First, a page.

Recently a friend came to join us to watch the Blue Angels perform over the skies of San Francisco. We talked about San Francisco, the changes we've seen, and a book I was currently reading, Cool Gray City of Love, by Gary Kamiya.
Since then he has asked me about my feelings about San Francisco, my "history" with the City, for my thoughts about the present day.
His questions deserved a thoughtful answer, so it took me a while to carve out the time to answer. Here's what I told him:
I’m glad you’re reading Cool Gray City of Love – it’s a great book, written with feeling and historically researched in depth. I checked it out from the library, then bought a copy to give away, now am planning to keep that and buy a second copy. This is one I want in my home library.
My memories of San Francisco date back to the 1950s. My grandmother owned a small apartment building near Mission Dolores, and my brothers and I often took turns on a Saturday going over with my Dad when he would do some maintenance and janitorial chores. I loved going, and seeing how different life was in the city compared to Orinda, where I grew up.
I remember helping sweep and clean the hallways and common areas; not infrequently a tenant would invite me up for milk and cookies—I remember thinking the laundry line on a reel stretching from her apartment to the next wall, over the light well, was really cool! And then I’d visit the corner store and buy a pickle from the pickle barrel – yes, really!
After chores were done, Dad would often take me (I begged a lot!) to Playland at the Beach to ride the roller coaster, something my mother thought I was much too young to do! And visit the fun house (never did like Laughing Sal) to try to master walking through the rolling barrel, and staying on the spinning disk I remember the Sutro Baths (building was there with exhibits, skating rink and miniature golf, if memory serves.) I don’t know why we never went to Fleishhacker Pool – something I wish I could have experienced.
I also remember Christmastime journeys on the Key System trains with Mom and my brothers, going from our school in downtown Oakland to SF, enjoying the roof garden rides at the Emporium on Market Street, walking to Union Square and Maiden Lane to eye the amazingly lavish Christmas decorations, then going out for dinner somewhere – Omar Khayyams, or Bernsteins’s Fish Grotto on Powell or some other place – dining out was a rare treat.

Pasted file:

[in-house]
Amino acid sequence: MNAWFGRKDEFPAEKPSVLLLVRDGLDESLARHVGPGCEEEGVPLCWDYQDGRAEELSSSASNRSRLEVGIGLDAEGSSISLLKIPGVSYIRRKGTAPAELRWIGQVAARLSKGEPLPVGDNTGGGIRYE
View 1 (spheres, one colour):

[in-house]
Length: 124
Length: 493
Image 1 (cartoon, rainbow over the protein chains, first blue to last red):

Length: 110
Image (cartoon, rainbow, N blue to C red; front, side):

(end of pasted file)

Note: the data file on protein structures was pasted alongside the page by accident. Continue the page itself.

Those early experiences probably started my fascination and love for San Francisco. I first lived here in 1969-1970 when I returned to the Bay Area after enjoying a year working in Honolulu. I found a studio apartment not far from where we live now, at 1515 Broadway (between Polk and Van Ness.) It was a real slum, with a crazy, alcoholic landlady to boot, but I didn’t care – I had a bay window, and it was what I could afford. When one is 22 years old, life is a grand adventure.
Later I moved into an apartment with a girl friend from Hawaii days—that was on Bush at Powell. I’d start my commute to work at SF General Hospital by jumping on the cable car, standing on the runner (it was only a few short years before that women were allowed to stand –a different life!) Even at that age I remember thinking how lucky I was to commute by cable car!! Then 2 Muni buses would take me to my destination. In the evening I’d generally just walk up the hill since tourist lines would be long at the cable car turnaround. During this period I discovered Sterling Park on Russian Hill (still a special place to me), would go to the Chinatown Branch library –my branch; would walk to North Beach on a weekend day to bat tennis balls against the wall at Joe DiMaggio Playground.
Life took me to the Peninsula when I got married in the early 1970s, and that was a fine place for me to raise kids. Somewhere along the line after we got married, Gene and I started thinking about moving to San Francisco, and here we are.
The City is definitely not the same as it was, but life isn’t. 2014 is not 1954, nor would I wish it to be. Some of the changes are definitely for the better—Crissey Field, the Presidio open for us all to enjoy and explore, the Embarcadero is full of life with the freeway down; the neighborhoods are vibrant (definitely Polk Street is more enjoyable now than it was in 1969.) The homeless problem is worse. My biggest concern is the disparity between “haves” and “have nots.” It is strikingly apparent here in San Francisco, but is by no means is it a San Francisco problem—the same holds true on the Peninsula, and I suspect in your area as well. In San Francisco it is more visible, but the City cares, and also tries, whether successfully or not is debatable, to address it—the social service programs are large and diverse, rent control, below-market-rate-rentals and condo, having corporations donate time, talent and money to help those neighbors whose needs are so great. Some of our wealthiest residents are generous beyond belief.
My basic feeling is that San Francisco still has heart; cares and wants to keep the diversity that has always made the city unique, and will muddle through the Google Buses, the hipsters, the buildup of downtown.
We love being a part of the city, and look forward to ways to help keep it the caring, fun-loving city it has always been, a unique mix of urban in a glorious natural setting, rich and poor, old and young (lots of young!) Becoming involved with neighborhood groups like the Mid-Polk Neighborhood Association, supporting social service groups like Compass Family Services, Up on Top and many others, getting to know the shopkeepers and store owners, the yoga teachers and artists. Complacency is probably the biggest danger, and San Francisco isn’t a complacent city. Life evolves, and San Francisco with it."
If you're curious about the book which sparked this conversation, I highly recommend you read, The Cool Gray City of Love, by Gary Kamiya.